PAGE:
I have always been a movie lover and a fan of horror stories. I remember watching the Hollywood horror movie SAW and seeing how the Jigsaw Killer tested his Victims’ will to live by facing them with deadly games where they had to inflict pain on themselves and choose the body part to cut off to continue living. At one point, I paused and asked myself: if I were to lose an arm which would it be? I honestly did not need to think of it much as it would be my left hand since I am right-handed. The thought that I favored my right hand over my left hand had me thinking of how impossible it is to argue for equality when the human complex is fundamentally biased. If, for example, we say every life is equal and of importance in society, does this mean the life purpose of some is to fill the order of mediocrity or die, for some others to enjoy life? If this is the case, is it ‘smart’ to say every life matters for the order of society to matter? If we all can’t be equal, should our frustrations go to God for making us different or to religion for complacent beliefs that our destinies are all different? Or should we blame ourselves for stepping into a world our life upon birth would forever be subject to the color of our skin, the class of our family, our physical attributes, or the nation or region of our birthplace?
Once upon a time, I witnessed the killing of a cow for meat. The gory sight made me sick and to detest animal butchering. On that spot, I started considering becoming a vegan and, when I had my first slice of roasted beef, I had to reflect on what it means to be a vegan; That I won’t kill or take any products of animals, and that I would become pro-animal life. I couldn’t even mention this to my close friend Sammy who had long concluded I was a cannibal since she discovered I eat rabbits. She is not a vegan, but to her, the life of a rabbit should matter. Above all other livestock for meat; cows, birds, etc. In reality, the more comfortable we get as humans, the more we raise the banner of what matters in society. If faced with some scarcity or hunger, we would eat everything that comes our way, either animal, nature, or people.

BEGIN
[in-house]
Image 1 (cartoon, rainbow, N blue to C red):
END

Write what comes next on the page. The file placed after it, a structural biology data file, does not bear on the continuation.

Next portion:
To say all life matters is to argue for equality of all belief, equality of all desires, equality of all satisfaction, equality of all history, equality of all decisions, equality of all development, equality of all knowledge, equality of all perspectives, equality of all interests, equality of all mistakes, equality of all sins, equality of all suffering. To believe all these are possible is the beginning of the end of a mortal mind.
Let’s take, for example, the case of Black Lives Matter (BLM), a decentralized political and social movement that seeks to highlight racism, discrimination, and inequality experienced by black people. While this is a supposed movement by black people globally, black people in America and Europe do not see themselves as equals to black people in Africa. Black people of lighter skin in Africa do not see themselves as equals with black people of darker skin in Africa. Black people with ancestral lineage to land do not see themselves as equals with other black people in Africa. Hence, while there can be equality in identity amongst persons and groups, there can’t be equality of self amongst persons and groups. If there can’t be ‘equality of self’ amongst persons and groups, why, then, do we act surprised that some deaths are merely quantitative while others’ are phrased as “The exit of an icon”?
What we consider as ‘The Truth’ is subjective to everyone, and that we all have our ‘The Truth’ is a reminder that our moral grounds are designed differently with windows from different angles. If ‘The Truth’ is that all life matters, then we must reflect deeper to see if this ‘The Truth’ is not a confirmation of our unintended life role of fitting into the scales that balance order in the society. If we all matter, then we all become equals. If we all become equals, then it means we all care. If we all care, then it means we all become aware. If we all become aware, what stories do we tell?
In the end, time will always tell what matters.